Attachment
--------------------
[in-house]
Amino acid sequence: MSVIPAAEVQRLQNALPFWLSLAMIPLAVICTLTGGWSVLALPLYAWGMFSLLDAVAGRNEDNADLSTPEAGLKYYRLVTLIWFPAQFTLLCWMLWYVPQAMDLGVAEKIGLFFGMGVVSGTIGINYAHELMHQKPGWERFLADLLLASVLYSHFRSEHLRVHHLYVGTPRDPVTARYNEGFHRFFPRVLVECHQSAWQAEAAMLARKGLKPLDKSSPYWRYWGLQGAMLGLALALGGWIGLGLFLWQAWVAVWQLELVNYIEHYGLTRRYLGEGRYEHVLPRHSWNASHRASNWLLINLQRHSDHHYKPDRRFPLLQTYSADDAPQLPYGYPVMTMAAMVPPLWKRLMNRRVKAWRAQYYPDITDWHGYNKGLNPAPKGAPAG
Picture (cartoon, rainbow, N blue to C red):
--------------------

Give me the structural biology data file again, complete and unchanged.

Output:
[in-house]
Amino acid sequence: MSVIPAAEVQRLQNALPFWLSLAMIPLAVICTLTGGWSVLALPLYAWGMFSLLDAVAGRNEDNADLSTPEAGLKYYRLVTLIWFPAQFTLLCWMLWYVPQAMDLGVAEKIGLFFGMGVVSGTIGINYAHELMHQKPGWERFLADLLLASVLYSHFRSEHLRVHHLYVGTPRDPVTARYNEGFHRFFPRVLVECHQSAWQAEAAMLARKGLKPLDKSSPYWRYWGLQGAMLGLALALGGWIGLGLFLWQAWVAVWQLELVNYIEHYGLTRRYLGEGRYEHVLPRHSWNASHRASNWLLINLQRHSDHHYKPDRRFPLLQTYSADDAPQLPYGYPVMTMAAMVPPLWKRLMNRRVKAWRAQYYPDITDWHGYNKGLNPAPKGAPAG
Picture (cartoon, rainbow, N blue to C red):